Tracing a friendship

In early January, I received an email from Shelby Fitzpatrick on a mailing list including Peter Fitzpatrick’s friends and colleagues. Peter was ill, and apparently there wasn’t much time left. Shelby asked for ‘thoughts and recollections; anything you feel like sharing would be a great boost to us’. The aim is to bring together facets of Peter’s life-long dedication to the academy and to document personal connections. Perhaps I should have done this earlier. But for whatever it’s worth.

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‘Eat me like a cannibal’: anthropophagic architecture as cultural criticism

This essay is once again part of a larger work in progress. But as I also tried to develop it into a self-standing paper for the ASLCH 2020 conference at Quinnipiac Law School, I thought that it would work as a blog, as well. You be the judge. As before, it draws on material that I’ve worked on earlier, and in a similar way, with a rather limited amount of material available in languages that I know, it’s again only ‘getting there’ discovering the nuances and finer details as I go along. Baby steps. If you prefer to download the longish manuscript as a pdf, you can find it here. Note: The final published essay is here, unfortunately behind a paywall. Continue reading “‘Eat me like a cannibal’: anthropophagic architecture as cultural criticism”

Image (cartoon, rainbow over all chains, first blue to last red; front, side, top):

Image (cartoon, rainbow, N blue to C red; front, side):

Walking with W.G. Sebald

This text is part of a longer paper that I’m currently working on and that I’ll be presenting at a couple of seminars over the spring (e.g. SLSA 2020 in Portsmouth). But I thought that it might work as a shorter piece on its own here in the blogosphere, as well. It continues my (perhaps misguided) self-reflexive engagements with ethnography and expands from a few lines towards the end of an earlier text. All comments are welcome, as usual. Note: The final article is available as open access here. 

WG Sebald
W.G. Sebald, circa 1997. Photo: Jerry Bauer

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The power of a ‘relatively activist’ judiciary

In my inaugural lecture from May 2017 (introduced in Finnish here), I tried to argue for a slightly modified notion of judicial power. Section 99 of the Constitution of Finland (731/1999) seems to understand a ‘separated’ judicial power as not much more than the courts’ exclusive duty and right to ‘administer justice’, that is, to apply the law in individual cases. This deceptively clear-cut definition was recently reduplicated in Article 3 of the Courts Act (673/2016) which, in turn, makes a direct reference to the powers of the judiciary as they are defined in the Constitution. There is little about the courts’ role in the general control of the constitutionality of the activities of the political branches, although Section 106 of the Constitution did specifically create a new duty for the courts to abstain from applying primary legislation that is ‘in evident conflict’ with the constitution. The Finnish tradition of constitutional review has traditionally emphasised the role of parliamentary preview preferring a more restraint understanding of judicial power.

Photo of anti-Brexit campaigner Gina Miller.
Anti-Brexit campaigner Gina Miller (C) speaks to media as she leaves the Supreme Court after the ruling on the prorogation of parliament, in London, Britain, 24 September 2019. The Supreme Court ruled that the suspension of parliament by British Prime Minister Boris Johnson was unlawful. Photo: Neil Hall/EPA-EFE/Shutterstock (10422422n)